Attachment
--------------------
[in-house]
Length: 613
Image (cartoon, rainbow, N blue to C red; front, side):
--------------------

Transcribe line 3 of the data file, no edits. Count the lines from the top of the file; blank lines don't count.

Image (cartoon, rainbow, N blue to C red; front, side):